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Project Notes

#230 MinimalLCOscillator

Test an LC oscillator of just 5 components


I borrowed this idea and circuit design from stoneslice’s 1MHz Oscillator video.

I’m not sure how the circuit fits into the taxonomy of oscillator circuits, but it is similar to a Colpitts oscillator circuit - but one capacitor is replaced with a resistor.

I tried a range of component values on a breadboard. To sustain the oscillation, I found I had to increase the value of the resistor - 4.7kΩ proved good for all cases.

L C frequency
470µH 47pF 1.6MHz
150µH 47pF 2.9MHz
470µH 68pF 1.5MHz
150µH 68pF 2.7MHz

The effect of the resistor seems to alter the resonant frequency of the “impure” tank circuit. For example, I’d expect with 150µH/47pF the frequency to be 1.89MHz when in fact I measure 2.819MHz.

Nevertheless, an interesting self-oscillating circuit.

Soldered on a PCB with 150µH/47pF and a J201 n-FET, there are no issues sustaining an oscillation, however the frequency is not particularly stable and there’s a distinct second harmonic.





The Schematic

The Build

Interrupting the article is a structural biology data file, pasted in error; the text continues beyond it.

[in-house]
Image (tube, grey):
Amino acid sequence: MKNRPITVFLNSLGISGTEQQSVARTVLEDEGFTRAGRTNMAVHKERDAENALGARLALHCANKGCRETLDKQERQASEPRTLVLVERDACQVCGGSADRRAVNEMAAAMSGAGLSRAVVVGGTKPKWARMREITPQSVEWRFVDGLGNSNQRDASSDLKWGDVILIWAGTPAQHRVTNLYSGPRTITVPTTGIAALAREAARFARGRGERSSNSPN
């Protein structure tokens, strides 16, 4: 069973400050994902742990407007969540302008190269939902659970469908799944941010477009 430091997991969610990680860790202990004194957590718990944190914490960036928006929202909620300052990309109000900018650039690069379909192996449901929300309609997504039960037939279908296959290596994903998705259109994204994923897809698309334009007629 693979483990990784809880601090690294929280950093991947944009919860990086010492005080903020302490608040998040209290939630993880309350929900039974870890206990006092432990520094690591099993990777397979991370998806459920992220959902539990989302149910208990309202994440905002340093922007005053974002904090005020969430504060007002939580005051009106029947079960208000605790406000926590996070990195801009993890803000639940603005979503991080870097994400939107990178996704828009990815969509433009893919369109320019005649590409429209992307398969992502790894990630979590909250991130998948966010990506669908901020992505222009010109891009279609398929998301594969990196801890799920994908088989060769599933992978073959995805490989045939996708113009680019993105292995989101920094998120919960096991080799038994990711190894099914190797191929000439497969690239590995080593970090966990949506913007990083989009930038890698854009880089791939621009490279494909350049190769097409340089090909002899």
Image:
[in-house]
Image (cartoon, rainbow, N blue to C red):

Credits and References

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This page is a web-friendly rendering of my project notes shared in the LEAP GitHub repository.

LEAP is just my personal collection of projects. Two main themes have emerged in recent years, sometimes combined:

  • electronics - usually involving an Arduino or other microprocessor in one way or another. Some are full-blown projects, while many are trivial breadboard experiments, intended to learn and explore something interesting
  • scale modelling - I caught the bug after deciding to build a Harrier during covid to demonstrate an electronic jet engine simulation. Let the fun begin..
To be honest, I haven't quite figured out if these two interests belong in the same GitHub repo or not. But for now - they are all here!

Projects are often inspired by things found wild on the net, or ideas from the many great electronics and scale modelling podcasts and YouTube channels. Feel free to borrow liberally, and if you spot any issues do let me know (or send a PR!). See the individual projects for credits where due.